Not that Setterstrom was a blank slate when it came to pass blocking, but he certainly was a much more refined run blocker.
“Everyone has to pass block no matter what level you are at,” Setterstrom said. “It’s more of the techniques you used because you are going against the best pass rushers that there is.”
For now, Setterstrom appears set in his role at left guard and will likely handle the starting role for the rest of the season. Earning the highest marks among offensive linemen was an important boost in confidence for the young guard, but it was clear in the victory that the team had plenty of faith in him.
On running back Steven Jackson’s 36-yard touchdown run, Setterstrom cleared a key block and when the Rams needed a yard on a critical fourth down on the final drive, Setterstrom got to the second level and hammered a San Francisco linebacker.
It’s plays like that that have Setterstrom headed toward graduating from his NFL rookie season with honors.
PACE SURGERY: Pace is difficult for most defensive linemen to move on a football field. Imagine how the doctors felt when they attempted to perform surgery on his torn triceps last week when Pace was knocked out and they needed to get him to roll over.
“I guess they had to twist me and all that while I was asleep,” Pace said. “I think that was the hardest part of the surgery.”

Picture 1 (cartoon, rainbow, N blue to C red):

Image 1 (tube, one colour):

Pace was fitted for a brace Monday in an effort to help him begin the long road back from his season-ending injury. Pace, who is expected to miss six months, said once he gets the brace he will be able to start doing some rehabilitation work, but because of the importance of the arm, it will be hard for him to do a whole lot for some time.
“They said the rehab is probably the hardest part of it, just trying to get that muscle back,” Pace said. “Especially doing the job that I do, with the pushing and all that, I'm sure it's going to take awhile.”
INCOGNITO OK: Center Richie Incognito suffered an injured foot on two occasions in Sunday’s win and was forced to miss the majority of the second half after having his ankle rolled on in a pile.
With an already banged up offensive line, the Rams could ill afford to lose Incognito, especially considering how well he has performed in the middle this season.
But Incognito iced and rested the foot Monday and Tuesday and returned to the practice field Wednesday afternoon.
“Everything felt great, I moved around real well, pass blocking, run blocking, everything went real well today so it feels good,” Incognito said.
Incognito is listed as probable on the team’s injury report.
INJURY REPORT: Elsewhere on the injury report, the Rams made it official that defensive end Victor Adeyanju (broken arm) and linebacker Isaiah Kacyvenski (concussion) will indeed be out this week.
Linehan said Adeyanju’s best hope for a return is the second to last game of the season against Washington on Dec. 24. Kacyvenski’s second concussion of the season could also keep him out longer than this week.
Fullback Paul Smith (hamstring) and Timmerman (ribs) are questionable and quarterback Marc Bulger (ribs), cornerback Tye Hill (thigh) and defensive tackle Claude Wroten (hamstring) join Incognito as probable. Bulger, Hill and Wroten are fine and expected to play this weekend against Arizona barring any setbacks.
The only injury on the Arizona list is defensive tackle Kendrick Clancy who is doubtful with an ankle injury.